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Indiana University

Martin J. Luby

Program:

Public Affairs

Exam and Minor Fields:

Major: Public Finance and Public Management
Minor: Political Science

Special Skills and/or Knowledge Base:

In addition to my doctoral research and teaching, I have over 12 years of professional experience in the public finance industry having been most recently employed for seven years as a senior vice president in the national public finance advisory firm Scott Balice Strategies (SBS) where I directed the firm’s public policy research practice. SBS is an independent, woman-owned full service financial advisory firm providing strategic financial services to leading governments, corporations, and nonprofit organizations throughout the world. My primary focus at SBS was on financial strategy assignments including modeling and structuring capital finance programs, pricing bond and derivative transactions, authoring debt and swap policies, and addressing the public policy implications of emerging finance techniques and public-private partnership transactions. Prior to my employment at Scott Balice Strategies, I worked as a public finance investment banker at Bear Stearns & Co. Inc. At Bear Stearns, I structured and helped price over $1 billion in financings for several Midwestern issuers including the Illinois Student Assistance Commission, the State of Illinois, and the City of Chicago. In both of these practitioner public finance positions, I learned a great deal about many of the specific public policy challenges facing state and local governments across the country. This knowledge significantly informs my academic activities as it relates to both teaching and research. Specifically, I believe the ability to draw upon such specialized knowledge will substantially enhance the quality of my classroom teaching in a public affairs program and will help me pursue and develop a “policy relevant” research agenda that is in concert with many policy and management schools.

Dissertation Title:

Agency Problems in Public Financial Management: Evidence from Debt Refinancing Practices

Dissertation Committee:

  • Dr. Craig Johnson (chair)
  • Dr. Kurt Zorn
  • Dr. David Reingold
  • Dr. Sergio Fernandez

Current Dissertation Progress and Expected Defense Date:

Progress: Most data collection completed and some data analysis completed. One chapter written and sent out for publication.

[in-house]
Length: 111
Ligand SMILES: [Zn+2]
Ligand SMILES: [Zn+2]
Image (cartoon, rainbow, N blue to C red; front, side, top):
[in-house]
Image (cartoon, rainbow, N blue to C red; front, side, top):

Expected Defense Date: May 2010

Dissertation Abstract:

In recent years several state and local governments have reformed their financial management practices by placing greater restrictions on the sale and management of government debt including practices related to debt refinancing. However, there is concern that these debt restrictions may not be costless. That is, they may lead to more prudent management of government debt in certain circumstances but, at other times, debt restrictions, including limits on bond refinancing, may unduly restrict public financial managers and lead to a less efficacious debt management program thus undermining the principal’s goals. Utilizing descriptive research, this study begins by generally examining the debt refinancing practices and trends of state and local governments over the last few decades as a means of providing general context to the main research area at hand. Next, the study applies event analysis from the State of Illinois to investigate the efficacy of statutory restrictions related to bond refinancing practices, a subtle but important area of debt management. Given the potential costs of these debt refinancing restrictions, this study then proceeds to empirically investigate two common decisions in this area of debt management, the refinancing savings structure decision and the decision on bond interest rate mode (fixed or synthetic fixed), to determine whether there is evidence of a pervasive principal-agent problem that would warrant the use of restrictive public managerial control mechanisms in the area of bond refinancing. This research’s empirical analysis of bond refinancing attempts to shed light on managerial decision-making in an area of public financial management that generally lacks transparency yet offers bureaucratic autonomy and, thus, investigates a policy area where, at least theoretically, agency problems are most likely to be common and pervasive if they do in fact exist.